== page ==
A team of scientists at the University of Utah as well as several other universities decided to take a closer look at the effects of expanding suburban communities near Salt Lake City, UT over the past decade. The atmospheric researchers found that “carbon dioxide emissions increased as suburban areas developed to the southwest of Salt Lake City, while comparable population growth in the center of the city did not have the same effect.” ERG alumnus Chris Jones added that this conclusion is logical, considering that these previously rural areas experienced huge population growth compared to the city’s center, in percentage terms. And that “of course, if you put more people where there weren’t people before, you’re going to have more emissions.”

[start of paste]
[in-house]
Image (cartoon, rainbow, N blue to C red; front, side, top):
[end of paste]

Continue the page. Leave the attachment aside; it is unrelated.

“It’s the latest evidence highlighting the environmental consequences of suburban expansion, often accompanied by more miles driven by cars and larger free-standing homes that require more energy for heating and cooling. As cities become a central focal point for action on climate change, the ways in which they manage their growth will be a key question.”
The full Washington Post article can be found here.